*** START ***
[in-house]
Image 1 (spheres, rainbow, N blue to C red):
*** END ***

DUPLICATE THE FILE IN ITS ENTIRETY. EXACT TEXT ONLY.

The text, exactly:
[in-house]
Image 1 (spheres, rainbow, N blue to C red):